There are people who say it will be worth a little short-term pain to gain our long-term independence. I doubt this: I am firmly a Remainer who thinks leaving the EU is a illogical decision, and that another referendum would now be won by our side. However, my parents, who voted in favor of Brexit in the referendum of 2016, are as horrified as I am about how little certainty we have with the March deadline to leave approaching so rapidly. Like thousands of others who voted for Brexit, they didn’t think the picture would be so confused this late.
There are those who think we should just leave with no trade deals in place, and the EU will be kind to us to save their own supply lines, and allow us to fudge the Irish issue. I am not confident about this. These people seem to forget that we were the ones who wanted to leave, not the 27 other nations involved, and the EU is under no obligation to do anything of the sort. Neither does it want other nations to be encouraged to leave.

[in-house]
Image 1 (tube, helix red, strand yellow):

Leaving without a deal — which Parliament has not ruled out doing — seems to me to be to be a terrifying risk. I take eight different medicines, chiefly for chronic pain, and my son takes four to control his asthma. Any of these being hard to obtain will have a huge impact on our lives. I have tried to get slightly ahead on ordering, but the NHS understandably doesn’t want individuals building up stocks of expensive medicines that may get out-of-date before they are used. Or, in the case of prescription-strength painkillers, are potentially dangerous to have lying around in large quantities. Thus there is little that I can do other than watch and wait.